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Odyssey Ai-One Cruiser putters: What you need to know

February 08, 2024

WHAT YOU NEED TO KNOW: The Odyssey Ai-One Cruiser putter lineup extends the idea of stability beyond the head to the entire club including shaft and grip. Available in overlength 38-inch models, a 42-inch armlock style and a 48-inch “broomstick” version, these designs feature heavier heads and shafts along with longer grips all designed to stabilize the stroke.

PRICE: $350. 38-inch models: Double Wide (crank hosel), #7 (double bend), Jailbird (double bend). 42-inch armlock: #7 (double bend). 48-inch broomstick: #7 (center-shafted). At retail March 15.


1. Stable pressure.
With putter design, we often talk a lot about stability, but almost always that’s a reference to the head’s moment of inertia, or basically how little the head might twist or recoil on an off-center hit. But there’s another kind of stability in putter design that’s reemerging and it has to do with the overall stability of the system. While it grew out of the long putters and anchored putting strokes, what it has become is a renewed interest in overlength designs with heavier heads and shafts and longer grips. That combination yields an increase in a putter’s overall mass to create more stability in the stroke.


That’s where the latest Odyssey Ai-One Cruiser line steps in, looking to take advantage of the increased success of non-traditional length and weight putters on tour. We saw that most recently with the victory by Wyndham Clark at the AT&T National Pro Am, and conveniently as it turns out Clark was using a version of Odyssey’s new line, the already familiar striped Jailbird model.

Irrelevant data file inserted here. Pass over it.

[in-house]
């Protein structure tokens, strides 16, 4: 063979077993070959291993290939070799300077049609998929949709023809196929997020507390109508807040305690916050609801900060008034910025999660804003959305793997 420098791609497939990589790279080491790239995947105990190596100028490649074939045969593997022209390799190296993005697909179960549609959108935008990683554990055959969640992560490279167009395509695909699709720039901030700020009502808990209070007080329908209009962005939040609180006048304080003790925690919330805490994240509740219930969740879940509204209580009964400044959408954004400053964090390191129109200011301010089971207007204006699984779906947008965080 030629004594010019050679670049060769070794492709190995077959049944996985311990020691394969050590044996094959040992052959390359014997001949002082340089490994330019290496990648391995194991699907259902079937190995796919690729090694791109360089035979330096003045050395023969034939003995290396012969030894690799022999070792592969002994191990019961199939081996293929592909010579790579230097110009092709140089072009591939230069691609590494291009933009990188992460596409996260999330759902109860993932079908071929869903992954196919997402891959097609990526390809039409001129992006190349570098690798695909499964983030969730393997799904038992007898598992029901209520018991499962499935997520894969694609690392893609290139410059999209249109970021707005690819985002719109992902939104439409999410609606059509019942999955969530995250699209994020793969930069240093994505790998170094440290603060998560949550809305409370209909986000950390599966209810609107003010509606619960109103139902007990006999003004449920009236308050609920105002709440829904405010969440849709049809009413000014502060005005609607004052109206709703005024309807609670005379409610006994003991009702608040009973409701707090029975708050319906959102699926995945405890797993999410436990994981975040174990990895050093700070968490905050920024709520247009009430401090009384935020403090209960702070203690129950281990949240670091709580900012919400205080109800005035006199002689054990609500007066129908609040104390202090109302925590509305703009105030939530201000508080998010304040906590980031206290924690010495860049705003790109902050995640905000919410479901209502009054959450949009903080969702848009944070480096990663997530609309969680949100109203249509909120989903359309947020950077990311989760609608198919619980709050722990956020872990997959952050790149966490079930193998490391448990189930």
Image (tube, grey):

In addition to the open deep mallet Jailbird, the Ai-One Cruiser lineup of heavier putters with 38-inch shafts includes the Double Wide blade and the iconic #7 paralell pronged mallet. The lineup also offers putters in a 42-inch length in the #7 and a broomstick length of 48 inches, also in the #7. The heavier shafts are new versions of Odyssey’s Stroke Lab, the SL 140 (140 grams) on the 38- and 42-inch models, and the SL 200 (200 grams) on the 48-inch broomstick model. That’s about 45 and 105 grams heavier than the standard Odyssey SL 90 putter shaft, making them less susceptible to moving off the ideal path due to slight hand movements.


All the models also include sole weights that can be customized to suit a player’s specs, a crucial element average golfers need to pay attention to with their fitters, as we’ve discussed here.


2. Face Time. While the stability aspect may have positive effects on the consistency of your stroke, it doesn’t guarantee center contact every time. That’s why the Ai-One Cruiser lineup will include the foundational technology of the original Ai-One putters introduced last fall, a face insert designed through artificial intelligence.


The insert, which is fronted by the familiar White Hot urethane elastomer material for feel, is created from an aluminum piece with an assymmetrical variable thickness design aimed at optimizing face deflection across an array of impacts so that center hits and off-center hits roll out similarly.


3. Three distinct fixes. With five different models, these putters look to cater to three different kinds of putting strokes, all displaying the heavier, over-length philosophy. The 38-inch models feature a 17-inch grip. Generally, players are advised to take their usual putting grip while choking down. That leaves several inches of the grip extending beyond the hands, which produces a counterbalanced effect to further stabilize the stroke.

On the 42-inch model, it features a special armlock style grip with a flat side that is designed to be braced against the inside of left forearm. The goal is to produce a stroke that almost exclusively relies on the rocking of the shoulders.


Finally on the 48-inch model, there’s a split grip. That method, essentially the long putter style employed by players like Adam Scott and Bernhard Langer, uses the placement of the hands on the split grip to take individual hand activity even further out of the stroke.